STEM programing supports youth in developing a variety of skills including critical thinking, team work and communication.
4-Hers who entered photography exhibits at the South Dakota State Fair will be featured in the annual South Dakota 4-H Calenda, orders start Nov. 1.
When weather conditions impact farming and ranching, producers can experience large amounts of stress. A normal amount of stress can be productive; however, abnormal amounts of stress can be harmful both physically and emotionally. With the drought that is currently impacting producers, it is important to understand the signs and symptoms of depression.
About YQCA – the national program
Youth for the Quality Care of Animals (YQCA) is a national multi-species quality assurance program for youth ages 8 to 21 with a focus on three core pillars: food safety, animal well-being, and character development. The YQCA program is an annual certification created for youth producing and/or showing beef cattle, dairy cattle, sheep, meat goats, dairy goats, swine, poultry, and rabbits. The program has been designed by extension specialists and national livestock program managers to ensure it is accurate, current and relevant to the needs of the animal industry and shows, and is appropriate for youth learning levels.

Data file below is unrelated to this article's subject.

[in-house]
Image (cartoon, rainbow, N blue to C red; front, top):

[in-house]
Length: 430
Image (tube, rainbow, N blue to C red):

In South Dakota 4-H Robotics is about much more than the competition. It is about the development of youth through experiential learning. During the program youth are introduced to a variety of science, technology, engineering, and math (STEM) concepts, but also develop a variety of life skills including, but not limited to: problem solving, communication, and teamwork.
As South Dakota and our surrounding neighbors begin to deal with the consequences of spring snowmelt and the dramatic flash flooding that came about from the region’s most recent winter storm, we can only hope that conditions begin to improve quickly.
La primavera en el Medio Oeste siempre trae el riesgo de inundaciones, sea por la nieve que se derrite o por lluvia en exceso.
While it’s true that in South Dakota most West Nile Virus cases occur during August, new human infections are detected well into September in most years.